Christina M. Cruz, MD, EdM is a child global mental health and school mental health researcher, a practicing inpatient child and adolescent psychiatrist, and a mental health systems consultant. Her research program centers on increasing access to child mental health care through alternative systems. Currently, she is focused on task-shifting indicated mental health care to teachers in Darjeeling, India for children in primary schools, scaling this care to the public schools of Manila, Philippines, and adapting this care to the middle school age group for a rural North Carolina context. She is also now working to extend the care in Darjeeling to adolescents, as well as using tenets of the care to address mental health and climate change concerns among Darjeeling farmers.
She is an Assistant Professor of Psychiatry at the University of North Carolina at Chapel Hill (UNC) School of Medicine with a joint appointment in School Psychology at the UNC School of Education. She also serves as the Associate Head of the Division of Global Mental Health within UNC Psychiatry. She additionally serves as founder and Principal of Ligaya, LLC a mental health systems consulting firm. She completed her Bachelor of Science in Economics at the Wharton School of the University of Pennsylvania, her Masters in Education at the Harvard Graduate School of Education, and her MD from Harvard Medical School. She completed her general psychiatry residency and child and adolescent psychiatry fellowship at UNC.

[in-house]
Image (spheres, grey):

Her work is funded by the American Academy of Child and Adolescent Psychiatry, the Thrasher Research Fund, the Doris Duke Charitable Foundation, the UNC Children’s Research Institute, the UNC Carolina Asia Center, and the Mariwala Health Initiative. She has also been awarded an institutional KL2 training award. Tealeaf and Ed-MH findings have been published in Global Health Action, International Journal of Mental Health Systems, Global Public Health, Frontiers in Psychiatry, and Frontiers in Pediatrics.
Task-shifting is a form of care in which non-professional (“lay”) individuals are trained to deliver health care under supervision. In mental health care, evidence is building for the efficacy of lay counselors to improve mental health symptoms and outcomes for individuals requiring indicated levels of care, especially relevant for lower-resources areas of the world where mental health care access to mental health care is particularly poor. In this talk, we will examine the evidence for task-shifting mental health care to lay counselors, largely studied for the adult population. We will then explore burgeoning evidence that task-shifting mental health care may also be efficacious for adolescents and children, with a special focus on the growing evidence supporting an early signal of the efficacy of Tealeaf (Teachers Leading the Frontlines). Tealeaf is a task-shifting system of care in which teachers deliver indicated mental health care to their elementary school students. Within Tealeaf, teachers deliver a novel modality of therapy called “education as mental health therapy” (Ed-MH). Ed-MH therapeutic techniques are evidence-based in mental health but also aligned with teaching processes and classroom behavior management.